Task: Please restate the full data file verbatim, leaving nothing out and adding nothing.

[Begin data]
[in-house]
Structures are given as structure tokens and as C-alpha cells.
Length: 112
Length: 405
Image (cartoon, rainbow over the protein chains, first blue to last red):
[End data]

[in-house]
Structures are given as structure tokens and as C-alpha cells.
Length: 112
Length: 405
Image (cartoon, rainbow over the protein chains, first blue to last red):